This claim is hardly novel, but its articulation has rarely been put forward with such single-minded eloquence as that found in the tone and language of Krishnamurti or with the clarity of Bohm. We need in fact not roam far afield. Kant comes to mind. Already in the late eighteenth century he insisted on our impossibility—grounded in logic or the laws of thought and thus constituting an obstacle that cannot be overcome—to experience what is ultimate. Kant called that domain the-thing-in-itself, i.e., what Krishnamurti and Bohm call intelligence or compassion (Buddha, the dharma and Plato “the good”). Kant killed metaphysics by carefully demonstrating in the Critique Of Pure Reason that whatever is thinkable and nameable must necessarily conform to the inherent structure of the mind: space, time, quality, quantity, causality, etc. The Kantian categories are what Bohm refers to as the realm of 3-dimensionality, with the distinction that the later is wider, containing emotion, will, intent and other psychological as well as cognitive qualities. All these concern the world of sensible experience (the manifest or explicate order in Bohm’s language), and they account for our ability to function in the phenomenal domain. In that dimension, we have no choice but to filter that which is through the universal perceiving apparatus just described. Our capacity for translation is useful when properly employed (i.e., biologically or in certain practical affairs of daily life). But we do so at a heavy price, as Kant realized. The noumenon or thing-in-itself, not capable of being caught in our net, remains inscrutable to us. Knowledge for Kant and Bohm is the process of tuning in on the manifestation (phenomenon) of the nonmanifest in order to make it accessible to creatures structured as we are. This filter and consequent distortion is inbuilt and universal. By definition, the thing-in-itself can never apper to us as it would be without our “tuning in” on it with out finite receiving apparatus.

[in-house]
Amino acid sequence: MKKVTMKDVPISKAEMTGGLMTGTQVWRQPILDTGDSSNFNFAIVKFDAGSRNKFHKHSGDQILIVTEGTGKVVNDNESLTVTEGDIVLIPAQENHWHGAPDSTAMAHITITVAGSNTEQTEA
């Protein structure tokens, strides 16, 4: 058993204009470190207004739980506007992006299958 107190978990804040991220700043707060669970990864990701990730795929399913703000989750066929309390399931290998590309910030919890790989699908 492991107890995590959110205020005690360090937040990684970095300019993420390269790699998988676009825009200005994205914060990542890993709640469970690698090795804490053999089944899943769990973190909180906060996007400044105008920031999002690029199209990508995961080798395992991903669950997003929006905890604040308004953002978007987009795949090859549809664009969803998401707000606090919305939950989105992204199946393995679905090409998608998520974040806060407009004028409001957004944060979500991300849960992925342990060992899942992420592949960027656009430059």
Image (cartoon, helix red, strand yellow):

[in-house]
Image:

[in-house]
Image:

Here the ways part. Krishnamurti, Bohm, and the whole mystical tradition agree with Kant’s analysis regarding phenomenal experience. They move beyond Kant, however, to proclaim the possibility of a state of consciousness lying outside there barriers. For Kant, whose views on the subject have been accepted as definitive by western philosophy, no other capacity in us is available on which to draw in order to approach the noumenon.   Bohm, and those mentioned maintain that such a capacity exists in the universe, not in us strictly speaking. The challenge for the individual locus of consciousness is to provide the condition that allows the universal force to flow through it without hindrance. The result is not knowledge, in the Kantian sense, but direct nondualistic awareness, as state for which Kant made no provision and for which he had no vocabulary. Its precondition is emptiness, as Bohm repeatedly insists, which entails a suspension of the Kantian categories and of 3-dimensional space-time. Such emptiness brings about the cessation of consciousness as the knower and transforms us into an instrument receptively allowing the noumenal intelligence to operate through us, irradiating our daily lives and those of others. The specific mechanism at work is difficult to understand. Perhaps we become akin to electrical “transformers” capable of stepping down the staggering cosmic energy in ways that permit us to focus it on the microcosmic level where we live and act. However this may be, the rare individual who functions as such a channel seems to those who come in contact with him to belong to a new species of man (Krishnamurti, for anyone who has met him, clearly is a case in point). Such a human being radiates clarity, intelligence, order and love by his mere presence. He seems capable of transmuting our chaotic interpersonal world into an ethical realm by his very atmosphere, which unmistakably is charged with energies for which we have neither names nor concepts. At best we can vaguely capture the presence and power of that atmosphere in metaphorical and approximate terms.